Wildlife Officials Baffled After Otter Pack Attacks People For No Apparent Reason

There are a lot of animals we can see out in the wild, but there's something deceptive we tend to miss about the cute ones.

For instance, most of us would know to avoid approaching any bears or mountain lions that we come across because we've got a pretty good idea as to what would happen if one of them took a swipe at us.

But every now and then, we can find that some of the smaller and cuter wild animals can be about as vicious. And while the answer for why they're acting that way is often rabies, that still doesn't seem to explain one bizarre series of encounters going on in Alaska.

Indeed, nobody seems to know what's going on.

The area around Anchorage, Alaska is known to feature North American river otters and they're usually fairly peaceful creatures.

According to Insider, only 39 otter attacks were reported before 2011 and they were usually the result of rabies or encroachment from humans into otter territory.

Since September 1 of this year, however, neither of these explanations have applied to at least one otter pack's behavior.

In the first of three incidents reported by Insider, nine-year-old Ayden Fernandez received four bite wounds after he and his brother filmed a group of four otters at an east Anchorage duck pond.

As Dave Battle — a wildlife biologist for the Alaska Department of Fish and Game — said, "I think they were keeping a respectful distance, they were just watching the otters from a distance, and for some reason, the otter ran up and just wanted to chase this kid down."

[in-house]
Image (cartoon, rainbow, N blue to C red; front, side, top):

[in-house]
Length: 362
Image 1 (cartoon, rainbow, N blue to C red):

The other two attacks occurred within the last week and saw the otters attack a dog in one case and a woman trying to protect her dog in another.

It's unclear if either of these animals provoked the pack either, but rabies is not a suspected cause as no recent cases of the disease have been discovered among otter populations in that region of Alaska.

But while there's much that fish and game officials don't know about these attacks, they do suspect that it involves the same pack of otters.

Although this is unconfirmed, Battle stated that his organization is "probably" dealing with just one group consisting of three males and one female.

As he put it, "It's such unusual behavior. It would be unlikely that multiple groups in the same city would suddenly start exhibiting the same type of behavior."

Whatever the reason these otters are acting so aggressive, the Alaska Department of Fish and Game has stated that it will identify them and remove them from the park they reside in.

h/t: Insider